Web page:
Hair loss

Updated 28 June 2016

Female pattern hair loss and what to do

Hair loss (alopecia) is not only something that men dread.

0

Millions of women worldwide are also affected by hair loss, with females comprising 14.2% of all hair restoration patients worldwide, according to the International Society of Hair Restoration Surgery. 

Women are more likely to be devastated emotionally and psychologically when they lose their hair says Professor Vera H. Price of the Department of Dermatology at the San Francisco School of Medicine.

For men, hair loss and shaving their heads as baldness progresses is generally more accepted; in contrast, the emphasis on looks and societal pressure on women to be attractive means scant support and approval if they have little or no hair.  

A survey by one of Europe’s largest hair loss clinics, the London-based Belgravia Centre Hair Loss Clinic, found that the body issue women feel would make them least attractive to men is hair loss.

Women generally regard the hair on their head as a crucial aspect of their femininity, appearance and identity, so hair loss can make them feel they are losing part of their identity.

New York City Psychologist and author Dr Vivian Diller agrees, saying while men may be unhappy about hair loss, women report much deeper feelings of fear, shame and humiliation with thinning tresses.

Hair loss differences between men and women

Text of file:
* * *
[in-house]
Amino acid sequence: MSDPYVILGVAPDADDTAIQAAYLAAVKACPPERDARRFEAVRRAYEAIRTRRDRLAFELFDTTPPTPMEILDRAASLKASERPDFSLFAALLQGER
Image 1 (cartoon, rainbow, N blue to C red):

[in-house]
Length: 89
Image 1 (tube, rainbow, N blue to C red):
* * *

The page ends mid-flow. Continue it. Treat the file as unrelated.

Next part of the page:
Aging is often associated with hair loss or thinning for both men and women. But that doesn’t mean that hair loss is the same for both genders.

For starters, the types and causes of hair loss in women are not always as clear-cut as they are in most men.

Many of the reasons for female hair loss don’t apply to men or impact on them differently. These include hormonal changes, diet, hair products and styling habits that can cause breakage and hair thinning.

In men, hereditary male pattern baldness (androgenetic alopecia) causes about 90% of hair loss. 

In women, this type of hair loss – also called female pattern hair loss (FPHL) – affects around 50% of those over 65.

Another key difference is patterns of hair loss. Women usually experience fine and thinning hair, while men generally experience diverse thinning patterns and differ in how the hair thinning process progresses.

Types of hair loss in women

Female-pattern hair loss (androgenetic alopecia) is the most common type of progressive alopecia in women.

The first signs of FPHL may be that a woman notices her ponytail is smaller or that her hair parting seems wider.

With a strong genetic component, pattern hair loss is usually inherited from either the mother or father.

Both men and women produce a male hormone called dihydrotestosterone (DHT), which scientists say is the main culprit in pattern hair loss. DHT causes a shortening of the growth phase by attaching to, and shrinking hair follicles, destroying healthy hair.

In both genders, this shortened hair growth cycle also results in hair follicles undergoing a process called miniaturisation. Since hair remains on the head for a shorter period of time, a person develops baby-fine wispy hairs that do not reach their usual length or width.

Read more about the different types of hair loss in men and women

Miniaturisation causes men to develop a receding hairline or baldness on top of the scalp.

However, women keep a normal frontal hairline, but experience visible thinning at their hair parting and over the crown. Women rarely progress to being near or totally bald unless due to illness.

Pattern hair loss in women includes three stages of hair miniaturisation, based on age when it starts (onset).